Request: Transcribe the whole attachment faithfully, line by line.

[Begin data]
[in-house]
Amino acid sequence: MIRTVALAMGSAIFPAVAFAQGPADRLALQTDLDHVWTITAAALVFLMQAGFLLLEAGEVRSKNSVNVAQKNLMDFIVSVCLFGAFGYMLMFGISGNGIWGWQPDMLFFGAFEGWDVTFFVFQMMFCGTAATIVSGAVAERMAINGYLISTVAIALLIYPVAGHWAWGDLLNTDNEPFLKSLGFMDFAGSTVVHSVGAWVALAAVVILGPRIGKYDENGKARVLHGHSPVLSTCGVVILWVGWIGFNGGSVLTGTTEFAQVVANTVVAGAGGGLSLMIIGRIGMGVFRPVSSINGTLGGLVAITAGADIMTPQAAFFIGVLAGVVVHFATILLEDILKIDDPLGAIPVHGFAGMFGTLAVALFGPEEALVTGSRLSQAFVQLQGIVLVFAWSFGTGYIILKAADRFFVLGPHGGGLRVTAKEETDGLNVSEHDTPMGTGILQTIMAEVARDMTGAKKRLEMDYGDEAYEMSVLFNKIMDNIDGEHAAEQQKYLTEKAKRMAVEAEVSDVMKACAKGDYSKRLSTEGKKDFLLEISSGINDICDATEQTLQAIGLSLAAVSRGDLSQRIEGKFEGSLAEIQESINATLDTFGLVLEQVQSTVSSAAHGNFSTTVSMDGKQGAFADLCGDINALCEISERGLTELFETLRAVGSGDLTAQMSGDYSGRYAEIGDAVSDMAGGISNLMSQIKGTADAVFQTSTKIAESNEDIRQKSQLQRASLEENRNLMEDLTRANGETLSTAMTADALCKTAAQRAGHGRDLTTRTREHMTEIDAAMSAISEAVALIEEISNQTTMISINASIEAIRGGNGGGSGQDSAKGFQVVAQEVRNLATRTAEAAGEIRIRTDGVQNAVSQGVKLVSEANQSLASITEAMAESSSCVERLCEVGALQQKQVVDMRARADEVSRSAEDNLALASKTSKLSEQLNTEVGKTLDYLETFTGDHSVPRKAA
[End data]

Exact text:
[in-house]
Amino acid sequence: MIRTVALAMGSAIFPAVAFAQGPADRLALQTDLDHVWTITAAALVFLMQAGFLLLEAGEVRSKNSVNVAQKNLMDFIVSVCLFGAFGYMLMFGISGNGIWGWQPDMLFFGAFEGWDVTFFVFQMMFCGTAATIVSGAVAERMAINGYLISTVAIALLIYPVAGHWAWGDLLNTDNEPFLKSLGFMDFAGSTVVHSVGAWVALAAVVILGPRIGKYDENGKARVLHGHSPVLSTCGVVILWVGWIGFNGGSVLTGTTEFAQVVANTVVAGAGGGLSLMIIGRIGMGVFRPVSSINGTLGGLVAITAGADIMTPQAAFFIGVLAGVVVHFATILLEDILKIDDPLGAIPVHGFAGMFGTLAVALFGPEEALVTGSRLSQAFVQLQGIVLVFAWSFGTGYIILKAADRFFVLGPHGGGLRVTAKEETDGLNVSEHDTPMGTGILQTIMAEVARDMTGAKKRLEMDYGDEAYEMSVLFNKIMDNIDGEHAAEQQKYLTEKAKRMAVEAEVSDVMKACAKGDYSKRLSTEGKKDFLLEISSGINDICDATEQTLQAIGLSLAAVSRGDLSQRIEGKFEGSLAEIQESINATLDTFGLVLEQVQSTVSSAAHGNFSTTVSMDGKQGAFADLCGDINALCEISERGLTELFETLRAVGSGDLTAQMSGDYSGRYAEIGDAVSDMAGGISNLMSQIKGTADAVFQTSTKIAESNEDIRQKSQLQRASLEENRNLMEDLTRANGETLSTAMTADALCKTAAQRAGHGRDLTTRTREHMTEIDAAMSAISEAVALIEEISNQTTMISINASIEAIRGGNGGGSGQDSAKGFQVVAQEVRNLATRTAEAAGEIRIRTDGVQNAVSQGVKLVSEANQSLASITEAMAESSSCVERLCEVGALQQKQVVDMRARADEVSRSAEDNLALASKTSKLSEQLNTEVGKTLDYLETFTGDHSVPRKAA